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Major Barbara (Paperback - 2022)

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About the Book

Major Barbara, a social satire in three acts, written in 1905 and published in 1907, is the most controversial of Shaw’s works which mocks religious hypocrisy and the complicity of society in its own ills. When the play was first produced at the Royal Court Theatre in London in 1905, the early reviews were mixed. Shaw’s vehement criticism of Christianity triggered some critics to accuse him of blasphemy. However, there were some critics who defended stating that he has made a realistic presentation of the religion. The play is popular among the people ever since it was first staged, and an adaptation was done to film in 1941. Today this play is taken as a very important work, not only among Shaw’s plays, but also in the history of modern drama.

The play deals with the validity of religious and charitable organizations like Salvation Army. It ridicules the superficial family ties of the rich where nothing is sacred except money. It has also a socialist learning, as it questions capitalism, especially the exploitation of the workers by large industrialists. It owes its origins to Shaw’s personal experiences, as he often observed the girls of the Salvation Army conducting meetings and judged them to be hypocritical.

In this play, Shaw expresses his view on poverty, ethics, and politics through Undershaft who ridicules the intellectuals and moralists who consider poverty as a virtue. Since the play is a discussion play, Barbara and Andrew discuss on the issue of idealism represented by Barbara and realism represented by Andrew. Directly or indirectly, Shaw has raised many critical issues in the play. Almost all these issues bear social and political significance. Thematically, the play is transparent because the action of the play is a long philosophical discussion.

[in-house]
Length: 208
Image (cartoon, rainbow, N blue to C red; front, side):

About the Author

George Bernard Shaw, (26th July, 1856, Dublin, Ireland—2nd November, 1950, Hertfordshire, England), was an Irish playwright, author, literary critic, political activist, socialist propagandist, and the winner of the Nobel Prize for Literature in 1925. He was the third and youngest child (and only son) of George Carr Shaw and Lucinda Elizabeth Gurly Shaw. Technically, he belonged to the Protestant ascendancy, the landed Irish gentry, but his impractical father was first a sinecure civil servant and then an unsuccessful grain merchant. Therefore, he grew up in an atmosphere of genteel poverty, which to him was more humiliating than being merely poor. At first, he was tutored by his clerical uncle, then he was sent to various schools in Dublin but developed a great dislike for the formalized education systems.

Shaw developed a wide knowledge of music, art, and literature as a result of his mother’s influence and his visits to the National Gallery of Ireland. After working in an estate agent’s office for a while, in 1876, he left for London to join his mother. In London, he established himself as a leading music and theatre critic in the eighties and nineties and became a prominent member of the Fabian Society, for which he composed many pamphlets. With fellow Fabians such as Sidney and Beatrice Webb, he played an important role in the foundation of the London School of Economics (LSE) after receiving private bequests.

Shaw began his literary career as a novelist and as a fervent advocate of the new theatre of Ibsen (The Quintessence of Ibsenism, 1891) he decided to write plays in order to illustrate his criticism of the English stage. By the 1890s, his plays were being performed in London and the income from his plays enabled him to devote his life to writing. Like his contemporary, Oscar Wilde, his plays were popular for their biting wit and humour. His plays were in contrast to many Victorian plays which tended to be sentimental, escapist, and lacking in satire. His earliest dramas were called appropriately Plays Pleasant and Unpleasant (1898). Among these, Widower’s Houses and Mrs. Warren’s Profession savagely attack social hypocrisy, while in plays such as Arms and the Man and The Man of Destiny the criticism is less fierce. His radical rationalism, his utter disregard of conventions, his keen dialectic interest and verbal wit often turn the stage into a forum of ideas.

More Information
Product NameMajor Barbara (Paperback - 2022)
Original PriceINR 125.00
AuthorGeorge Bernard Shaw
PublisherPeacock Books
Publication Year2022
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